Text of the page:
It's that time of year, the time when we "spring forward" and gain extra daylight, anticipate the arrival of spring and most importantly LOSE AN HOUR OF SLEEP! In an autism household- sleep is a precious commodity, one that is horded like fine jewels or our favorite wine.  Nighttime wanderings, odd sleep schedules and the like is something that most parents with kids on the spectrum endure. Melatonin is the Autism parent's best friend. But when those clocks change-  at either time of the year- it can send our kids into a tailspin that can take a while to recover from.

The Boy, like most autistic children, NEEDS structure and routine. He doesn't like abrupt changes in plans, although as he gets older that seems to be getting a little better.  But when things don't go as they should- in his mind anyway- it is prime time for massive frustration, irritability and possible meltdowns. The time change   is not just an inconvenient part of life for him. Having extra daylight means absolutely nothing to him. The clock on the wall and his internal clock are now different. While his body (and the Melatonin) are telling him one thing- his dad and I are telling him something different- and it messes him up. 

In years past- the time change has been a source of agitation for the whole family. We have to adjust dinner time, medicine time and try to ensure that the first day of the time change he is resting, relaxing and hopefully prepared the following morning for school.  I can't count how many all nighters we pulled (melatonin and Clonidine would get him to dreamland, but would not keep him there.) He was moody, over tired, and not a joy to be around at all. Our lack of sleep made us just as irritable, and of course that made life just all around miserable for everyone.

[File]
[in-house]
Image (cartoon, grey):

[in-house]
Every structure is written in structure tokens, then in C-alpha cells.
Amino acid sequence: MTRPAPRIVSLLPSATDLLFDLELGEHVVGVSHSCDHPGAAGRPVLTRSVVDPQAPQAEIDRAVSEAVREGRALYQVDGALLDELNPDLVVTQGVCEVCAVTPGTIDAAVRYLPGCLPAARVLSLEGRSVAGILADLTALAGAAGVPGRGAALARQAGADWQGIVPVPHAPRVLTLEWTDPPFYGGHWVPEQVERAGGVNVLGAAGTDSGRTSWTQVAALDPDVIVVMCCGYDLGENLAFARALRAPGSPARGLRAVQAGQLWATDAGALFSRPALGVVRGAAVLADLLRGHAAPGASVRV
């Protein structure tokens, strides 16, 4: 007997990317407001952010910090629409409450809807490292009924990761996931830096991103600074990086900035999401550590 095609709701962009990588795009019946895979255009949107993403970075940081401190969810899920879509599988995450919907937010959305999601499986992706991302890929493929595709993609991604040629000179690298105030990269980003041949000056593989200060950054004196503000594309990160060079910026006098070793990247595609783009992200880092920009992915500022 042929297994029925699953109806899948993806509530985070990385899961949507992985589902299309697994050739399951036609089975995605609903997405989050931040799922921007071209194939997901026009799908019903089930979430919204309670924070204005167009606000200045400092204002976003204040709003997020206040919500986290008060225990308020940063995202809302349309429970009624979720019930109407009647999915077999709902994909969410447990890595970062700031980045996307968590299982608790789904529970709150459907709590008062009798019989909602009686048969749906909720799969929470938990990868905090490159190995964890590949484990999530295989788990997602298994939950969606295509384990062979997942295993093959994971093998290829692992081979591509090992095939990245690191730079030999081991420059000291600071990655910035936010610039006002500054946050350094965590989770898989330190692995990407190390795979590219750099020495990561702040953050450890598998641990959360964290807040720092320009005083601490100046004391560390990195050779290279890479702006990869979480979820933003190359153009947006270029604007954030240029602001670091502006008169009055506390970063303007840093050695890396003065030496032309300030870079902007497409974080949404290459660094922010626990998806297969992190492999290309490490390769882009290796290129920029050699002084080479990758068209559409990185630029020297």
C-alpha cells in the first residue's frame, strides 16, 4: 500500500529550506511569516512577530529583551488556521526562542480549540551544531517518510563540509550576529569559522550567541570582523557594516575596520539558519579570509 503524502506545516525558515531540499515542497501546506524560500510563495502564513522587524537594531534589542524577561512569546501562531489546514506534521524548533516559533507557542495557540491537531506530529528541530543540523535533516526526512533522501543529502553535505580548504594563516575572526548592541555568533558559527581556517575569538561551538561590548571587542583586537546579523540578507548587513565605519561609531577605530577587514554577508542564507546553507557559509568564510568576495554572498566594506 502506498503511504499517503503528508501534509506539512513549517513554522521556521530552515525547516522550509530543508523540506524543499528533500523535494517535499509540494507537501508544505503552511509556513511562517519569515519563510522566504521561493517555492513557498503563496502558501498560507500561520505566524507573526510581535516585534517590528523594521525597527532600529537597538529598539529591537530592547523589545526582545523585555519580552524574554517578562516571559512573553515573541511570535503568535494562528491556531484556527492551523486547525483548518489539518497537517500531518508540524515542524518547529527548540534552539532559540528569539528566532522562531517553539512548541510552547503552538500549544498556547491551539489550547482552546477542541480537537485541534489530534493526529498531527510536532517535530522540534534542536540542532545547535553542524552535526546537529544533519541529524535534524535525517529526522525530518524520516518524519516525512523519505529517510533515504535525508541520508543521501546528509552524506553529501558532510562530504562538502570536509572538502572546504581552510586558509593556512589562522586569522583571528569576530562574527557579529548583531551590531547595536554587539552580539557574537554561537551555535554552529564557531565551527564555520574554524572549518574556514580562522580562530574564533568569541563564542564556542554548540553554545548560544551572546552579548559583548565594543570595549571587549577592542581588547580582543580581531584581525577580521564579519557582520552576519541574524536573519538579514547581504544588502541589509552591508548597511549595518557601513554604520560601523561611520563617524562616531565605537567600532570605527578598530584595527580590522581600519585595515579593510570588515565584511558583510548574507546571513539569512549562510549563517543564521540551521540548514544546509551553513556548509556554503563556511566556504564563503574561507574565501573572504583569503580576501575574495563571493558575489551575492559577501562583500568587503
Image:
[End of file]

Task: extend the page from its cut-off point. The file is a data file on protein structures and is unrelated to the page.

This year, like every other year, we will spend Sunday just relaxing, keeping things quiet and make the adjustments that are needed as unobtrusively as possible. This may help, it may not. Monday is also a delayed start at school, so that may help. 

That doesn't mean that the anxious knot in my belly is getting any better. And all of the worse case scenarios are playing on a loop through my sleepless mind. Not like I don't have enough to keep me awake at night, like the impending IEP, some odd behaviors we have been seeing lately, my work, my school...the list goes on. 

I hope that we have an easy transition like we had 2 years ago, and even last year wasn't the worst. We prepare for WWIII at all holidays, family gatherings, family outings and yes for Daylight Savings Time.  Prepare for the worst, hope for the best- my life's motto. 

I think that maturity plays into all of this, and the older he gets, the better he handles unexpected (or even expected) change. He lives by his calendar, and announces any and all holidays on it. So he is aware of DST, and aware we all lose an hour of sleep. And so far, nothing negative. 

Now if only Mother Nature would cooperate, and stop with this polar vortex and snow crap- then we could truly feel like "springing" into anything. 

Tuesday, February 25, 2014

What day is it? Donna Day!!


It has been 3 years since I read Donna's Cancer Story. In that 3 years I have learned more than I ever want to know about childhood cancer. And by that I mean the things that someone on the outside rarely, if ever, know. The fear, pain, and anger that I can't even fathom. The daily minutiae of caring for a child with cancer. But the one thing that has stuck with me is the HOPE. The hope that Mary Tyler Mom keep alive, despite the fact that she lost her beautiful Donna to the evil that is cancer. Through her pain and sadness, this hope shines through. In her words, in her deeds, and in her daily life. Some days, that light might be dimmer than others, but it doesn't go out. THAT is strength folks. That is amazing.